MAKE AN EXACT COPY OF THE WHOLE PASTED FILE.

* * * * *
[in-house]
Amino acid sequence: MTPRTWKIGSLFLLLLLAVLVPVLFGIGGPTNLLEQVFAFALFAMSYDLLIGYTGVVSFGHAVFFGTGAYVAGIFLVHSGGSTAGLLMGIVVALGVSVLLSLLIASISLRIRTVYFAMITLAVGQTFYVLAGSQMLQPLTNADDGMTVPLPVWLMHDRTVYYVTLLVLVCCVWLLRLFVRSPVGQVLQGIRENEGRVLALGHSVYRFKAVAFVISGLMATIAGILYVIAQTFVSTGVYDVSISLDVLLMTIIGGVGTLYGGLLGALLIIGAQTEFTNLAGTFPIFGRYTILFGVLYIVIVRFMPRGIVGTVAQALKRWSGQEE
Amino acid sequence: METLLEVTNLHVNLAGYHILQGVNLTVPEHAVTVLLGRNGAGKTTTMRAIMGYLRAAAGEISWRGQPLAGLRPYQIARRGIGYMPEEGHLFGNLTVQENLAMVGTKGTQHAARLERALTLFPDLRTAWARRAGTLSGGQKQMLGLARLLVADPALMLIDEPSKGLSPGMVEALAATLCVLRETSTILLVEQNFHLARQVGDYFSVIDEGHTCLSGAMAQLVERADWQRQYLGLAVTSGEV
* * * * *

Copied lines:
[in-house]
Amino acid sequence: MTPRTWKIGSLFLLLLLAVLVPVLFGIGGPTNLLEQVFAFALFAMSYDLLIGYTGVVSFGHAVFFGTGAYVAGIFLVHSGGSTAGLLMGIVVALGVSVLLSLLIASISLRIRTVYFAMITLAVGQTFYVLAGSQMLQPLTNADDGMTVPLPVWLMHDRTVYYVTLLVLVCCVWLLRLFVRSPVGQVLQGIRENEGRVLALGHSVYRFKAVAFVISGLMATIAGILYVIAQTFVSTGVYDVSISLDVLLMTIIGGVGTLYGGLLGALLIIGAQTEFTNLAGTFPIFGRYTILFGVLYIVIVRFMPRGIVGTVAQALKRWSGQEE
Amino acid sequence: METLLEVTNLHVNLAGYHILQGVNLTVPEHAVTVLLGRNGAGKTTTMRAIMGYLRAAAGEISWRGQPLAGLRPYQIARRGIGYMPEEGHLFGNLTVQENLAMVGTKGTQHAARLERALTLFPDLRTAWARRAGTLSGGQKQMLGLARLLVADPALMLIDEPSKGLSPGMVEALAATLCVLRETSTILLVEQNFHLARQVGDYFSVIDEGHTCLSGAMAQLVERADWQRQYLGLAVTSGEV